to allow purpose to become the driving focus.


Are these principles that can be taught or are you born with these abilities?

There is a myth that entrepreneurs are born and can’t be developed, and we tend to think of entrepreneurs as great risk-takers.

I literally put tips in the book for how to check yourself on many of these things. I’ve learned that one benefit of getting older is having the ability to step back and learn from your experiences.

For many years, I didn’t realize the power of intentionality and of recognizing the level of one’s risk tolerance. Once I did, I came to understand the value of putting an action plan in place to get more comfortable with risk or figuring out how to take a little more risk to move an idea forward. I’ve created some exercises in the book that refer to this.

These things most definitely can be taught – it’s not just that I believe it; I have actually seen it.

In the six years we have been doing this work, I have had people come back to me to tell me how these principles have inspired and motivated them to make a difference.

How important is it for leading companies today to be purpose-driven and do you feel that companies have a responsibility to create a bigger purpose than just the bottom line?

I do. Impact investing is an area we have been deeply engaged in. Last year, the number of assets going into impact investing nearly doubled.

We have a new generation of investors comprised of a diverse group of younger people and women who see capital as a powerful tool to change the world.

We have to require more than just financial returns from those we invest in to allow purpose to become the driving focus.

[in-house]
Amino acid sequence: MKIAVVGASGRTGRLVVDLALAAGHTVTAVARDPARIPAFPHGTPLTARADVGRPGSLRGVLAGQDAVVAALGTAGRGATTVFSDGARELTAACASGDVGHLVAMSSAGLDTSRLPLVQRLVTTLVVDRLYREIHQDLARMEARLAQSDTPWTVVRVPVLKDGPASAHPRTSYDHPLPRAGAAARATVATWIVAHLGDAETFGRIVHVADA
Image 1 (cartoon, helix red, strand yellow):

We are deeply engaged in this work and are big believers in the potential of a new way of looking at companies and capital more broadly and asking those companies how they can do more.

The best and the brightest of talent will be drawn to these companies and CEOs know that. They know that, in order to retain their talent, they have to be a good corporate actor and hopefully focus on more than just the bottom line.

I’m most excited about this new generation of companies, many of which I talk about in the book. Social impact is in the DNA behind these companies.

In the book, I share the story of Warby Parker, which is a great brand and a very successful impact company, and Greyston Bakery whose mission says, “We don’t hire people to bake brownies; we bake brownies to hire people.” Its open hiring policies have been transformative.

I use many examples of this new generation of companies and this new generation of investors, employees and consumers who are demanding more.

There is dialogue today around the opportunities for women in business and leveling the playing field. Do you feel this issue is being addressed effectively?